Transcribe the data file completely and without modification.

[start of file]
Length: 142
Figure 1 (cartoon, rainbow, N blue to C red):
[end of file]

Length: 142
Figure 1 (cartoon, rainbow, N blue to C red):